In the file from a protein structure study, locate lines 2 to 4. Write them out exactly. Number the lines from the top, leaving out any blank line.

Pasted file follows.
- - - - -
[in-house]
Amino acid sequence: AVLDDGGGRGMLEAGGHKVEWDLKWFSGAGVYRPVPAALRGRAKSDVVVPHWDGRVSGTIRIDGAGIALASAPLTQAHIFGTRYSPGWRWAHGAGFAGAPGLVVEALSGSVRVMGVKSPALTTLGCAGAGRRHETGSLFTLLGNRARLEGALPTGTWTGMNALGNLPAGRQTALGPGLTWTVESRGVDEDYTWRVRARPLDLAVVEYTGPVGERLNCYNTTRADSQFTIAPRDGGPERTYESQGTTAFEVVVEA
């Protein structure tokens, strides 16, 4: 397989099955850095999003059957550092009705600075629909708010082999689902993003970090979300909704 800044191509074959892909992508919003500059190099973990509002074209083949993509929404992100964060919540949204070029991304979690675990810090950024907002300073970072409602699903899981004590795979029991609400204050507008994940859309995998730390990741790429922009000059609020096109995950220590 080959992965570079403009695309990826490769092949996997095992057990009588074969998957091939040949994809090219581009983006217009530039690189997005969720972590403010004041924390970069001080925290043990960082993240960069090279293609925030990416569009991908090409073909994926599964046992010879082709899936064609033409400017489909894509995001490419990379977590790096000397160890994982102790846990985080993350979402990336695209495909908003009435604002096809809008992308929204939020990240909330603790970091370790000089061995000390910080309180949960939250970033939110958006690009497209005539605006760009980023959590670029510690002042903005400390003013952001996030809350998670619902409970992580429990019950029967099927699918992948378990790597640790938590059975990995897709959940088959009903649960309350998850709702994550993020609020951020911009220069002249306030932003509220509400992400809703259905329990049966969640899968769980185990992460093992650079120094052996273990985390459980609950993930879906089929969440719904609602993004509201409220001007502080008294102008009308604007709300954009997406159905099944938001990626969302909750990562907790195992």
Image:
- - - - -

Amino acid sequence: AVLDDGGGRGMLEAGGHKVEWDLKWFSGAGVYRPVPAALRGRAKSDVVVPHWDGRVSGTIRIDGAGIALASAPLTQAHIFGTRYSPGWRWAHGAGFAGAPGLVVEALSGSVRVMGVKSPALTTLGCAGAGRRHETGSLFTLLGNRARLEGALPTGTWTGMNALGNLPAGRQTALGPGLTWTVESRGVDEDYTWRVRARPLDLAVVEYTGPVGERLNCYNTTRADSQFTIAPRDGGPERTYESQGTTAFEVVVEA
């Protein structure tokens, strides 16, 4: 397989099955850095999003059957550092009705600075629909708010082999689902993003970090979300909704 800044191509074959892909992508919003500059190099973990509002074209083949993509929404992100964060919540949204070029991304979690675990810090950024907002300073970072409602699903899981004590795979029991609400204050507008994940859309995998730390990741790429922009000059609020096109995950220590 080959992965570079403009695309990826490769092949996997095992057990009588074969998957091939040949994809090219581009983006217009530039690189997005969720972590403010004041924390970069001080925290043990960082993240960069090279293609925030990416569009991908090409073909994926599964046992010879082709899936064609033409400017489909894509995001490419990379977590790096000397160890994982102790846990985080993350979402990336695209495909908003009435604002096809809008992308929204939020990240909330603790970091370790000089061995000390910080309180949960939250970033939110958006690009497209005539605006760009980023959590670029510690002042903005400390003013952001996030809350998670619902409970992580429990019950029967099927699918992948378990790597640790938590059975990995897709959940088959009903649960309350998850709702994550993020609020951020911009220069002249306030932003509220509400992400809703259905329990049966969640899968769980185990992460093992650079120094052996273990985390459980609950993930879906089929969440719904609602993004509201409220001007502080008294102008009308604007709300954009997406159905099944938001990626969302909750990562907790195992």
Image: